Why would I tell my problems to a stranger? Isn’t that pathetic? Shouldn’t I have a friend or family member to help me?
Great questions! First, your therapist is only a stranger the first time you meet. Hopefully, you will quickly feel at ease in her presence and look forward to your sessions. Therapy is the one place where it’s “all about you” and your therapist is specifically trained to help!
The difference between a therapist and a friend or family member is 1) the mental health professional is trained and experienced in talking to people about difficulties and helping them work through them effectively, 2) therapists must abide by confidentiality ethics so you won’t have worry about others “knowing your business,” 3) you will not run the risk of burdening family and friends who may not have the emotional resources to hear your distress, and 4) you will not run the risk of feeling embarrassed or weak around people you see every day after being vulnerable and disclosing private matters.
A mental health professional can help you approach your situation in a new way– teach you new skills, gain different perspectives, listen to you without judgment or expectations, and help you listen to yourself.
How does it work? What happens in sessions?
The first session is called an “intake.” During the intake, your therapist will attempt to help you relax and get oriented to treatment. She will explain her background, describe how therapy works including the benefits and limitations, and clarify what you can expect during treatment. You will briefly discuss your family history, physical health, medications, and other pertinent information so she may complete a thorough bio-, psycho-, social-, spiritual- assessment to identify strengths, barriers to wellness, and areas for growth. Part of this assessment is diagnosing mental health disorders if present. Therapy is collaborative so the therapist will ask getting-to-know-you questions to discover what prompted the call for therapy, the background of the issue(s), and what issues you would like to resolve.
Subsequent sessions are about creating a relationship between the Therapist and Client and working toward therapeutic goals. Primarily, we do this through conversation with the therapist introducing tools, skills, psychoeducation, and reflections to help the client move forward.
What if I don’t have a diagnosis? Can I still get help?
Absolutely! Often, clients begin services when they are feeling deeply depressed and/or anxious to the extent that a medical diagnosis is appropriate. If a client meets the criteria for a mental health diagnosis the therapist will discuss this with the client. Other times, clients are sufficiently managing mental health symptoms, but they need a “coach” to keep them focused on their life goals, to help them take their business to the next level, or to create sustainable relationships. In these cases, life coaching services will be offered. The appropriate service will be recommended by the clinician completing the initial assessment.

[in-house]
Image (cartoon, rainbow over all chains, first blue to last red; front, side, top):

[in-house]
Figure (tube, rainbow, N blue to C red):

How often do I have to come and how long will it take?
The length of treatment and frequency varies. Some issues are solved in 6-10 visits and others require a year or more. The issue(s)-at-hand, the person’s background and temperament, and their resiliency are factors. Therapy sessions will be weekly when you begin treatment with a few exceptions, but most people begin spacing sessions further apart as they build confidence, skills, and emotional health. The frequency of life coaching sessions will vary depending on the package selected.
For therapy, frequency and duration of treatment are part of an on-going discussion between the therapist and client, and therapy services must meet criteria for “medical necessity” when billing insurances. Life coaching services are not covered by insurance and will be provided through pre-packaged self-pay pricing plans.
What can I do before or between sessions to make the best use of my time?
Our lives are often hectic. It is not uncommon for the day a person has therapy to be the day their mind is overwhelmed or blank! You can maximize the effectiveness of your time by investing 10-15 minutes prior to sessions thinking about specific issues or thinking patterns you want to discuss, including any situations that came up since your last visit that were problematic or bothersome. Many clients keep a brief sentence journal during the week where they jot down an incident, what they were thinking, how they were feeling (including emotional symptoms like “bawled” or “felt like I couldn’t breathe”), and what happened. Or they may write “talk to therapist about…” to remind themselves to bring up an important topic or conversation. In some cases, clients arrive for sessions and don’t have words for what they are feeling, in which case, the therapist will help fill in the blanks. Therapy and coaching clients are often given “homework” assignments to complete between sessions. The homework will be a continuation of the client’s treatment learning and reinforcing new skill sets. The therapist strives to move at the client’s pace so homework is client-specific and manageable.